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I didn’t realize how small the Proxxon MF-70 is — 7kg total weight! I retract my stepper recommendation in favor of Arthur’s which is better informed. :slight_smile:

Also maybe for modelling in wood a little backlash is not meaningful? Here I’m out of my depth.

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@ mcdanlj:
I did not know the axes need changing. I will check with Proxxon which type of axes they use in their CNC table: https://www.toolnation.nl/proxxon-micro-kruistafel-voor-mf-70-cnc-ready.html
(Which could also be an alternative should convertion prove to be to complicated for me.)
I have seen couplings on videos, but I know now what they are for. They will be on my shopping list.
About toolpathing I know there are 2D and 3D designs. The majority of things I will produce is 2D. But every now and then I have the need of making something in 3D.

The part about torque is latin to me. I presume it defines what kind of steppermotors I will need?
But Arthur and you clearified that later in your further remarks.
And you are right; the MF70 IS a small machine, ideal for the type of modelling work I do.

You mean something like this:

About software: I’ll look into the software you mentioned, but for me it is important in runs with Linux.

Thank you both for your answers. It clarified some things for me.


Torque is rotational force. The higher the torque, the stronger the twisting force.

Stepper motors are classified by their cross section. 60mm / 2.3 inches is a NEMA23 / 60mm stepper. NEMA17 are 1.7 inches / 43 mm. They have standardized mounting hole location and indicating cutout dimensions, though some of my NEMA17 motors take metric M3 hardware and others US #4-40 (IIRC) hardware, which drives me nuts.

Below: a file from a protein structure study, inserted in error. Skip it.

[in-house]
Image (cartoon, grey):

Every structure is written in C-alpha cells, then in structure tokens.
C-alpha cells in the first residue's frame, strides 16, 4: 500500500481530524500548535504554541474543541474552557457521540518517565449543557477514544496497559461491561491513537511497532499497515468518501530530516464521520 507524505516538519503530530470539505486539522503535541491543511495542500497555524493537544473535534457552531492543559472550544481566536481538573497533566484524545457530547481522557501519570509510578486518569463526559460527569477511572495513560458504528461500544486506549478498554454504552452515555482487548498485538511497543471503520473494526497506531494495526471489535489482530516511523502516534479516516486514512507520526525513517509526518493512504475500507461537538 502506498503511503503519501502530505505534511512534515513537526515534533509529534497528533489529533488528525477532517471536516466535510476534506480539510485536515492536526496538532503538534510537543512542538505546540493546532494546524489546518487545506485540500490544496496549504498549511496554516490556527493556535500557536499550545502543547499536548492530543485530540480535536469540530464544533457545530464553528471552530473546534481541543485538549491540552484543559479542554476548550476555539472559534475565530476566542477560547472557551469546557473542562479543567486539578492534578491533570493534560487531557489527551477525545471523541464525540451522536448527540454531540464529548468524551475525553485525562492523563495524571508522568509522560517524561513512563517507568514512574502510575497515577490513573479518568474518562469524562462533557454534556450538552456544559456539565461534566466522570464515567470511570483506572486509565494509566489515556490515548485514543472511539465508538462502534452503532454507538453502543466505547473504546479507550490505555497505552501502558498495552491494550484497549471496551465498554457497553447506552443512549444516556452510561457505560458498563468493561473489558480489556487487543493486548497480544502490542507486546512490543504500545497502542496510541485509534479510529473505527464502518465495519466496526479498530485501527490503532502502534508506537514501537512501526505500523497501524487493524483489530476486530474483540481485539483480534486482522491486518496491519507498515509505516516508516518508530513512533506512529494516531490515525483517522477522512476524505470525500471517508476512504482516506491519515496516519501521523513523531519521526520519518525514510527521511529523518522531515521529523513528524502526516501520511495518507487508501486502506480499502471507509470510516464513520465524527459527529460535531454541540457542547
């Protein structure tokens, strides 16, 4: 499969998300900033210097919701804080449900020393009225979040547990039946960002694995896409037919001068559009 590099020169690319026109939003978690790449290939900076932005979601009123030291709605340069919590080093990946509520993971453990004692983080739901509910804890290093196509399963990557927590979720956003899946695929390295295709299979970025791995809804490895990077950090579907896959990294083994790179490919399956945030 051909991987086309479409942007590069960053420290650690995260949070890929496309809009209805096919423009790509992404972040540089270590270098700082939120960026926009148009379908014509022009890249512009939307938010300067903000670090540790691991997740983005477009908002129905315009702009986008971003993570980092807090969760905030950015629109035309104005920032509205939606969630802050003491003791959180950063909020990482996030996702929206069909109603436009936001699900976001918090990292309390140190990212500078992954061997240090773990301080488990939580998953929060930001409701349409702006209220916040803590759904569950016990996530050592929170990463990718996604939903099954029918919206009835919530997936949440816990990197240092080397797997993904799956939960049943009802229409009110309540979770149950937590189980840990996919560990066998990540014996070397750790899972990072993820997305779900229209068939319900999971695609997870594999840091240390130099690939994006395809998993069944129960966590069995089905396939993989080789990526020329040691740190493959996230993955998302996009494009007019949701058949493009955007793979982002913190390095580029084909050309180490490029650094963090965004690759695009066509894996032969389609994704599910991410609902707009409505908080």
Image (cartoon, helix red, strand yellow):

Stepper motor variations include single-shaft (shaft comes out one end only) or dual-shaft (really a single shaft that sticks out both ends), round or D profile shafts, shaft diameter (often different on one end from the other), how many steps per revolution (typically 200, 1.8⁰/step, with greater torque; or 400, 0.9⁰/step with less torque, all other things being equal; but as you found you can get 800, 0.45⁰/step as well), max current per phase (ø), voltage (voltage which, if constantly supplied, will result in the max current; this is not a max voltage that can be used), torque (typically measured in newton-meters and/or ounce-inches), and inductance (lower allows moving faster).

Note that degrees per step is degrees per full step. Modern stepper drivers use microstepping which holds the stepper at an intermediate position, with a corresponding reduction in torque. 1/16 microstepping is common in CNC; that’s 16 microsteps per step, which has a bit less than a tenth the motor’s rated maximum torque.

You need more torque than you think you need. The steppers you are looking at are “open loop” which means that they have no way to directly measure whether they actually moved. This means that if the machine resists the motor turning hard enough, they can fail to turn where they are commanded to move and the system has no information about that, and now doesn’t know where the mill end really is. It will continue to drive it as if it were where it “thinks” it is, but there will be a shift. This is called “skipping steps”. Because of that, you need substantially more rated torque (after accounting for loss of torque from microstepping!) than you might measure that it takes to move the axes on your mill.

The voltage rating is really a maximum only when not using a modern stepper driver. If you want to know I can go into more detail. But the net of it is that you might have a stepper motor rated at 2.5A and 1.3V, and supply it 24V through a stepper driver programmed to limit to 2.5A current, and you are not operating outside the stepper’s design parameters. This would be typical of your use with the smoothieboard which contains such drivers. (The current limitation on the smoothieboard is set in its configuration file.)

For running on Linux, what software are you running or do you consider running for CAD?


Thank you for the explanation. This helps a lot. It will take a bit more reading about steppers and their caracteristics before I fully understand it all, but over time, it will.

Do I understand you well that the stepper I mentioned in my last posting will comply with Smoothieboard V2 and is suitable for my MF70?